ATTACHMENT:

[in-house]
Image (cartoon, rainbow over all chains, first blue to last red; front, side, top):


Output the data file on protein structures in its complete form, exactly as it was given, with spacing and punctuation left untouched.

[in-house]
Image (cartoon, rainbow over all chains, first blue to last red; front, side, top):